Withdrawal as Contraception: Why So Skeptical?

Rachel K. Jones

To my surprise, my recent article in the journal Contraception on the effectiveness of withdrawal in preventing pregnancy unleashed a mini-storm of commentary in the blogosphere.

To my surprise, my recent article in the journal Contraception
on the effectiveness of withdrawal in preventing pregnancy unleashed
a ministorm of commentary in the blogosphere. On Jezebel alone, an article on the
study
had (at last
count) 15,000 views and well over 300 comments – more attention than
was garnered by "Slutty Feminists," a popular topic on which Jezebel
also posted around the same time.  

The original article – written
for health care professionals and social scientists who deal with contraception
and family planning – presented data showing that withdrawal, widely
viewed as useless in preventing pregnancy, is only slightly less effective
than condoms.  Used consistently and correctly, condoms and withdrawal
are both very effective; even with typical use rather than perfect use,
both are comparable, at 17% and 18%, respectively. I also noted that
while many women use withdrawal at some point in their lives, often
as a back-up or secondary method (most commonly in alternation or in
conjunction with condoms), there is persistent reluctance among professionals
and individuals alike to consider withdrawal as a viable method of contraception.  

It’s great to see such lively
discussion about withdrawal and intriguing to see the comments, the
most interesting of which fall into three broad categories: personal
accounts of using withdrawal; skepticism, or outright disbelief, that
withdrawal reduces the risk of pregnancy; and claims that withdrawal
places responsibility on the male, who may be less than trustworthy
given the self-control required. 

The many personal accounts
of withdrawal use – in keeping with data showing that 56% of women who
have ever used a contraceptive method report using withdrawal at some
point in their lives – make clear that the method is part of the contraceptive
repertoire for many women, if only occasionally for most. It suggests
that sex education curricula and health care providers should present
withdrawal in its proper context, with both pros and cons, rather than
simply disparaging the method or erroneously presenting it as comparable
to using no method at all.  

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This general view of withdrawal
informs another response – sheer disbelief. In my work I’ve grown
used to promoters of abstinence-only-until-marriage programs dismissing
facts about the effectiveness of contraception. However, I’m surprised
to see such disparagement of withdrawal among a crowd that is presumably
younger, more diverse and more open-minded. Perhaps because most of
us have been told for so long that withdrawal doesn’t work, we are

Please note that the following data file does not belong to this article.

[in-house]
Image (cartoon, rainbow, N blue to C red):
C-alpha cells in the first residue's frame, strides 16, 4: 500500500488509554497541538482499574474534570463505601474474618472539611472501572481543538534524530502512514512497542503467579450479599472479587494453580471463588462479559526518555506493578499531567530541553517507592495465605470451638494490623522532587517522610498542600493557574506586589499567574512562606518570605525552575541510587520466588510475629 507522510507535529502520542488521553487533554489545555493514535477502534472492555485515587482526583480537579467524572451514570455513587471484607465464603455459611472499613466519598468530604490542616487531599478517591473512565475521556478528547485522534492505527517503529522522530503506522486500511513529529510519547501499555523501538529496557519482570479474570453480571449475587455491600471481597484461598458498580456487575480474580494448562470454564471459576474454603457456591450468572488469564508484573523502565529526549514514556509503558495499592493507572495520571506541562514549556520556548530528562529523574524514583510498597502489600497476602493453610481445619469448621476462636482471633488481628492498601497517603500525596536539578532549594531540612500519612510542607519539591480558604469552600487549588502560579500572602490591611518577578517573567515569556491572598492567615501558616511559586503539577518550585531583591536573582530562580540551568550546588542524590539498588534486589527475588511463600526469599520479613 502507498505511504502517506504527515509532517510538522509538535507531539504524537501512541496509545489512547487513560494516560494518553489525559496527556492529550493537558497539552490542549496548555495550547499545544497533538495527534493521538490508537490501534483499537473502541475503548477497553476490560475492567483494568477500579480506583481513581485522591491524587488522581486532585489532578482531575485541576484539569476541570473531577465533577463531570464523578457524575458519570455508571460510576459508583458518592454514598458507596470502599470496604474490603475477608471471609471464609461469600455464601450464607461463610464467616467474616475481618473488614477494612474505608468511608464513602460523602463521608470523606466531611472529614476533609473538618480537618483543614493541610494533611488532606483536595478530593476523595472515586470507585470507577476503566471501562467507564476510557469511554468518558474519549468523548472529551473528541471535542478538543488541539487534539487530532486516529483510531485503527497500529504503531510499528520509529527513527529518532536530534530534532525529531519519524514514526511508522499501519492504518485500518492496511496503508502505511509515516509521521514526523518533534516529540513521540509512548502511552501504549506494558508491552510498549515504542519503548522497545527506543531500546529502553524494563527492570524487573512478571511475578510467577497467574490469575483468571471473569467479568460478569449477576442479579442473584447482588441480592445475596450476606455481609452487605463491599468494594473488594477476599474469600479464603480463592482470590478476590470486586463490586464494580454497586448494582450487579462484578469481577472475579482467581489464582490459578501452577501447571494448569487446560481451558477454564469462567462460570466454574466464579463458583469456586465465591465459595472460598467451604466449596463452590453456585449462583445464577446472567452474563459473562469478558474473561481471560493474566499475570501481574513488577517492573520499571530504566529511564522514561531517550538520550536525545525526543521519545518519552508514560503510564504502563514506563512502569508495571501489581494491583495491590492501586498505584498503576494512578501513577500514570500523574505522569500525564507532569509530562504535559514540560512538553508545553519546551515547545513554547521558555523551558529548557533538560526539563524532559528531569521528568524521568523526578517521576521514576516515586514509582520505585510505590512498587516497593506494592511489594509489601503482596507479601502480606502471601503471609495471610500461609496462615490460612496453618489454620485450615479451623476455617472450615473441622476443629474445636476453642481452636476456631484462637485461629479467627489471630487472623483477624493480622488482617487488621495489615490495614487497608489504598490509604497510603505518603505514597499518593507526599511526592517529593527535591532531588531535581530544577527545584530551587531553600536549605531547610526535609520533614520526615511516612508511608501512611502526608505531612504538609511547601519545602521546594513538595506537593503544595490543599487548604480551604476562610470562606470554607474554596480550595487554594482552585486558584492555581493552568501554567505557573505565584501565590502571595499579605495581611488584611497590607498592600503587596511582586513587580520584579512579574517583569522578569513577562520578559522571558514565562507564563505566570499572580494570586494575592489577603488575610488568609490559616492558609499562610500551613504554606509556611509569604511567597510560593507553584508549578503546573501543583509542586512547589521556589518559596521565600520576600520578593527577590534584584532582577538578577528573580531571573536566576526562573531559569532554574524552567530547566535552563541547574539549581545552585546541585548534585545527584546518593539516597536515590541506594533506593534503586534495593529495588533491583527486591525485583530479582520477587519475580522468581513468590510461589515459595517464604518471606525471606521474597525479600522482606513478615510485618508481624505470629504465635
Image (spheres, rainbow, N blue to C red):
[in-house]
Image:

unable or unwilling to embrace scientific evidence that counters what
we "know." 

Most interesting, perhaps,
is the response expressed by many that men can’t be trusted to withdraw
in the heat of the moment. Sometimes it seems men can’t win for losing
when it comes to sexual and reproductive health. We argue that contraception
is a couples’ issue and that women should not be solely responsible,
yet we don’t think men can handle the responsibility. While some women
may not be comfortable depending on their partners to pull out before
ejaculating, and some men may not be able to do it, that does not mean
we should promote a false view of the method’s effectiveness. Withdrawal
may not be appropriate for some couples and individuals, but it is being
used at times by many, so why not ensure they have accurate information
about it?

Withdrawal will not prevent
exposure STIs and is not appropriate for those at high risk of exposure.
But I don’t buy the argument that accurate information about withdrawal
will discourage folks from using condoms and more effective hormonal
methods. The same argument was made about emergency contraception, and
numerous studies have demonstrated that the concern was groundless.
Disparagement of condoms by conservatives has led to more people putting
themselves at risk for STIs, including HIV, because they’ve been told
"condoms don’t work." Although no method can guarantee 100% protection,
condoms are an important option for both STI and pregnancy prevention,
and withdrawal should be considered as an option for preventing pregnancy.

For me, most heartening were
comments like the one offered by Flackette Goes Retro on Jezebel: "I
think the answer here is really just to give people lots and lots of
facts and education on their options. That includes failure rates for
all the various types of BC (pills, IUDs, condoms, withdrawal, NFP,
whatever-all of it, both perfect and "typical" use), information
about the pros and cons, information about protection from STDs (even
if condoms aren’t perfect they are MUCH MUCH better than nothing) and
information about how their bodies work. Then hopefully people will
be able to make informed decisions." Well said.

"Better
Than Nothing or Savvy Risk-Reduction Practice? The Importance of Withdrawal,"

by Rachel
K. Jones
of the
Guttmacher Institute, Julie Fennell of Central Connecticut State University,
Jenny A. Higgins of the Office of Population Research at Princeton University,
and Kelly Blanchard of Ibis Reproductive Health, was published in the
June 2009 issue of Contraception.

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